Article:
For those who live in coastal Southern California, it’s common knowledge that you’re supposed to wait 72 hours after rainfall before jumping back in the ocean.
But it’s also common knowledge that if the waves are going off, someone is going to make like Eddie and go — come hell or high (sewage-infused) water.
In 2006, surfer Chris Schumacher paddled out after a rainstorm in Imperial Beach, San Diego. The water was a sludgy brown, but the barrel was too tempting to resist. Imperial Beach is unique in San Diego due to its proximity to the Tijuana river estuary. Surfing near an estuary means that you’re likely to catch waves infused with raw sewage, especially after a rainstorm when all the sediment is freely floating around.
But Schumacher paddled out anyway, and the next day he woke up with flu-like symptoms, a raging fever, and one eye that wouldn’t open. After being rushed to the hospital, Schumacher had to undergo multiple surgeries to try and find the source of the infection. He remained hospitalized for months, nearly losing an eye and his life while battling a deadly infection in his eye socket. After 18 months on heavy antibiotics, Schumacher pulled through.
As you’ve probably already guessed, water pollution was responsible. Although the runoff from the Tijuana river caused a near-death experience, it turns out that regular water pollution in Southern California is bad news for everyone.
What Water Pollution Has To Do With Surfers
The Surfrider Foundation recently partnered with scientists at the University of California, Berkeley, School of Public Health and the Southern California Coastal Water Research Project to measure the health risks of urban runoff at public beaches and the relationship between water quality and illnesses.
Surfers are most at risk for contracting waterborne illnesses. Not only do surfers spend more time in the ocean than other beach-goers, they also ingest more seawater and spend more time totally submerged in the water, which drastically increases their chances of getting sick.
Researchers took water samples from Ocean Beach and Tourmaline Beach in San Diego. These spots are close to the San Diego River and Tourmaline Creek, respectively, and they are popular year-round surf spots.
During rain events, the study showed that Norovirus was detected in 96% of the samples from the San Diego River and 72% from Tourmaline Creek.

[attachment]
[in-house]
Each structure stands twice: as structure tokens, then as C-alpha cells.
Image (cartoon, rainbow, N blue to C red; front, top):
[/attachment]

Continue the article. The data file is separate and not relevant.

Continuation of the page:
There was also a significant link between water quality and illness during wet weather. Water quality was measured by fecal indicator bacteria (FIB) — or, in unscientific terms, how many turds were floating around in the ocean.
Each gram of human poop contains approximately 100 billion bacteria. FIB levels were significantly higher during wet weather, and illness rates were highest when surfers hit the waves during the rain and the first day afterwards. Illness rates went down each day following wet weather, with FIB rates declining back to normal levels after three days.
The study has prompted local, regional, and state policy managers to evaluate whether changes need to be made to either beach quality standards or public health notifications. San Diego city officials will continue to look into why San Diego River and Tourmaline Creek are (literally) so shitty. The next step will be identifying the most effective way to reduce levels of fecal pollution within those water supplies.
What Causes Water Pollution?
Raw sewage, interconnecting storm and sewer drains, and people pooping in the river are all believed to contribute toward toxic FIB levels. But fecal matter isn’t the only nasty thing lurking in the ocean. We dump a huge amount of toxins in the ocean, ranging from pesticides to nuclear waste. In fact, over 180 million tons of toxic waste is dumped in the ocean every year.
How You Can Help
Green Future spoke to Rick Wilson, Senior Staff Scientist with the Surfrider Foundation, to find out more about water pollution and how surfers can stay safe in the water.
"In addition to avoiding ocean-related recreation activities up to 72 hours after a rain event, the public can also avoid swimming or surfing in front of flowing storm drains or river mouths," says Wilson.
But if you think you can paddle out in order to forget about this horrible election, think again. Surfers need to be politically proactive to ensure that their beaches remain protected.
"Surfers and ocean recreation enthusiasts can also support funding for the EPA BEACH Act, which works to protect our nation's public health by monitoring ocean pollution at our most popular beaches. The BEACH Act program supports state and local beach water quality monitoring and public notification programs at beaches across the country," Wilson said. He added:
"Despite the public health and economic benefits, the EPA BEACH Act grant program is on the federal budget chopping block. Congress currently holds the power in determining whether or not this program remains funded, so we need to elect champions for clean water that will ensure that clean water and public health is a priority for the federal budget."
Wilson advises that the best way to do something about ocean pollution is to get involved. "To help improve water quality, the public can get involved by joining Surfrider as a member, finding their nearest Surfrider chapter, or getting involved in Surfrider's clean water initiatives and programs such as the Blue Water Task Force program or Ocean Friendly Gardens program," he said.
Don't forget to vote on Election Day! Donald Trump wants to abolish the EPA. For anyone who loves the water, a Trump presidency would be an environmental catastrophe — especially when our waters need our help the most.